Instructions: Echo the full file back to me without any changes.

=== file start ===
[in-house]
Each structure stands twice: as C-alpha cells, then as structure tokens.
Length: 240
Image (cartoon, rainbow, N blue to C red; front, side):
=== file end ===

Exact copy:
[in-house]
Each structure stands twice: as C-alpha cells, then as structure tokens.
Length: 240
Image (cartoon, rainbow, N blue to C red; front, side):